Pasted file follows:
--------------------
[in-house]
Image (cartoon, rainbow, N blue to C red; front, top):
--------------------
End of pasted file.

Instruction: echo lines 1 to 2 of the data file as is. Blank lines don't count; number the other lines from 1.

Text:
[in-house]
Image (cartoon, rainbow, N blue to C red; front, top):